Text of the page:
Illinois comptroller race in spotlight with budget fight
CHICAGO -- The race for comptroller, usually a low-profile contest coinciding with Illinois' gubernatorial campaigns, is in the spotlight during a presidential year with a big money special election offering Democrats an unusual chance to oust Republican Gov. Bruce Rauner's hand-picked candidate.
The office that controls Illinois' checkbook is open mid-term because incumbent Leslie Munger's appointment is expiring. Rauner named her after Republican Judy Baar Topinka died after her 2014 re-election and Democrats in charge pushed a law requiring a 2016 special election.
Munger is vying to keep the job against Democrat Susana Mendoza, Chicago's city clerk aligned with the influential speaker of the Illinois House, and Green Party and Libertarian candidates.
The Nov. 8 winner will finish out the last half of the term.
The comptroller post has been obscure, with perpetual talk of merging it with the treasurer's office, which oversees investments. But it's recently played a more prominent role with Illinois' unprecedented budget gridlock.
The office balances laws, court orders and lawmaker-authorized spending to prioritize who gets paid, from state workers to utility companies to social service providers. The office can also be used as a bully pulpit to urge change, something that could impact the administration in power.
Illinois' first GOP governor in over a decade remains deadlocked on a full spending plan with Democrats controlling the Legislature. They oppose Rauner's union-weakening, pro-business agenda as a condition to a budget with new taxes.
The impasse has complicated the comptroller's job: Some social service providers have closed their doors because of the uncertainty, while others doing business with Illinois are still awaiting payment as the backlog of unpaid bills hovers around $9 billion.
Like several legislative races, the comptroller election has become a proxy war in the battle between Rauner and House Speaker Michael Madigan, who serves as the Democratic Party's leader.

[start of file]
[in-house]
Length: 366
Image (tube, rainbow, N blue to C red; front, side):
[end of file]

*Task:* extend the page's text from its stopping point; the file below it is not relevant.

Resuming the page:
Mendoza and Munger have cast themselves as independent from their party leaders, but they've also benefited from their backing.
Munger, who called herself Rauner's "budgetary wingman," supports his agenda and took millions in donations from the former venture capitalist and his allies. But she insists she's stood up to Rauner. She delayed paychecks for elected officials during the impasse, and defied his request to not pay public-employee unions the "fair share" dues her office deducts from state worker paychecks.
Mendoza, a former legislator, says she's also created waves within her party. She once challenged a Madigan-backed candidate and publicly disagreed with Mayor Rahm Emanuel as clerk when he pitched raising the price of parking permits. But she voted with House Democrats on spending plans and has publicly praised the speaker, include during a 2011 ceremony nominating him to the post he's held almost continuously since 1983.
The race has also featured extraordinary fundraising.
Munger has raised more than double what Mendoza has, mostly due to gigantic donations from wealthy businessmen supporting Rauner.
Since 2015's start, Munger collected nearly $9 million, with $1 million from Rauner, $2 million from businessman Richard Uihlein and $5 million from Citadel CEO Ken Griffin. Munger transferred $3 million to the Republican Party, which is pouring money into legislative battles to reduce Democratic supermajorities.
Mendoza raised about $3.5 million in the same time period. Roughly one-third comes from unions and a smaller sum from a Democratic Party fund controlled by Madigan.
The two faced off in one televised debate where both interrupted each other often as they defended their records.
Munger claimed her opponent voted "in lockstep" with Madigan and her campaign donations come from special interests. She defended her own campaign fund as support from people who want to improve Illinois.
"The governor has not bought me," she said on Chicago's WTTW.
But Mendoza said the contributions make Munger a "wholly-owned subsidiary" of Rauner. She defended her budget votes as preserving funding for people in need.
"I feel like I'm running against Governor Rauner right now," Mendoza said afterward. "The minute he bought the office, it became a proxy between him and myself."
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